Lots of weak links slow down the refresh rate race to retina refresh rates, for those people very concerned about display motion blur. Sometimes motion blur is lovely when we want it (e.g. atmosphere, artistic) and other times motion blur above-and-beyond normal human brain/vision generates headaches (e.g. virtual reality).

So we have to keep whack-a-mole in this refresh rate race to retina refresh rates.

Now... Yet more weak links preventing high Hz benfit? GPU.

The GPU technology is going to be tough to keep up. Frame rate amplification technologies, helped by high-frequency controller input and AI-based infilling. Did you know DLSS and AI art "enhance" style engines like DALL-E actually has overlap -- they are based on neural networks that add detail where they didn't exist before. They'll converge a bit more, with real-time infill artisting of perfect intermediate frames faster than redrawing all those triangles). By the 2030s, I would hope midrange GPUs can generate 1000fps+ UE5 necessary -- with advanced DLSS-style + ASW-style + AI-art-style + Tempoally-dense raytracing algorithms + AI-based noise reduction + etc algorithms converged together simultaneously to infill intermediate frames (in all 3 dimensions) as perfectly as the I-Frames of a high-bitrate MPEG4 streams (we can't tell that Netflix is only 1 non-interpolated frame per second, they pulled off those intermediate frames almost perfectly with their lastest compression engines). The full-render-per-frame workflow will eventually be obsolete over the longer term, given the need.

You got it right that we need to go well into the quadruple digit refresh rates. Or even quintuple digits. Discovering sample and hold need to go to quadruple digit Hz to go fully blurless when variables are configured extreme (180-degree FOV + packing the whole FOV with retina resolution)). In the interim, shortcuts such as eye-tracking-compensated variable GPU motion blur combined with strobing, will likely be used to try to equalize stationary-gaze with real life, and moving-eyes with real life (zero blur differential to real life is the goal for future Holodeck-quality VR).

Y'all see end users merrily keep arguing over Hz/temporals not too different from old debates over "Humans Can't Tell 30fps vs 60fps"
...I micdropped this over 30 years ago with MS-DOS MOTION.EXE I created in 1993...

Y'all see reviewers say "240Hz vs 360Hz has no difference"
...They forget certain variables like GtG and microjitter (from GPU limitations, from engine, from mouse, etc) adding blur that almost eliminates the difference, and the blur difference between stationary gaze (eyetracking) versus moving eyes (watching objects move inside a scroll/pan/turn)...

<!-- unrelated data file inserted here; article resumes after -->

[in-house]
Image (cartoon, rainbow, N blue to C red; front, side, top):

Y'all see researchers merrily research on.
...I or Blur Busters is already cited in over 25 peer reviewed papers too, having invariably shown that I'm often right years in advance....

At the end of the day, people will argue over Hz and its various items (e.g. OLED-vs-LCD motion blur, both strobed and unstrobed) till the End of the Days.
 
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Vega

Supreme [H]ardness
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I'm not sure if we'll see an LG Displays OLED panel at 4K 240 Hz anytime soon. It requires a 240 Hz back-plane which costs more money.. for a very small audience of ultra-high end PC users. TV users don't care about that, console players don't care about that since they max at 4K/120 Hz. And they'd have to find a way (T-Con) to push 4K 240Hz via DSC over HDMI 2.1 or DP 1.4, which can be done (see G8), but isn't common at all.

The same panels that go into monitors for PC use are the same panels that LG uses for their TV's, so to put a higher end back-plane on their panels isn't cost feasible at the time. One reason why they got rid of 120 Hz BFI on the C2 series... that requires 240 Hz back-plane. So we've actually gone backwards.

The only exception it appears so far that we know about is them using extra space on the multi-modual on glass to cut 3440x1440, 45" panels for strictly monitor use. That's likely going to be the only 240 Hz OLED we'll see for a while until the new 30" OLED panels come off its 8.5-Gen lines, hopefully 4K and at high refresh.
 

MistaSparkul

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I'm not sure if we'll see an LG Displays OLED panel at 4K 240 Hz anytime soon. It requires a 240 Hz back-plane which costs more money.. for a very small audience of ultra-high end PC users. TV users don't care about that, console players don't care about that since they max at 4K/120 Hz. And they'd have to find a way (T-Con) to push 4K 240Hz via DSC over HDMI 2.1 or DP 1.4, which can be done (see G8), but isn't common at all.

The same panels that go into monitors for PC use are the same panels that LG uses for their TV's, so to put a higher end back-plane on their panels isn't cost feasible at the time. One reason why they got rid of 120 Hz BFI on the C2 series... that requires 240 Hz back-plane. So we've actually gone backwards.

The only exception it appears so far that we know about is them using extra space on the multi-modual on glass to cut 3440x1440, 45" panels for strictly monitor use. That's likely going to be the only 240 Hz OLED we'll see for a while until the new 30" OLED panels come off its 8.5-Gen lines, hopefully 4K and at high refresh.

It's probably going to first be a 27" 1440p 240Hz like what TFTCentral reported on.
 

Tol

Limp Gawd
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Messages
262
If they released it as 1600p or higher, tho.....I'd find that interesting for sure.
 

kramnelis

Limp Gawd
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They need to fix that flickers. Then talk about how to get 200nits properly.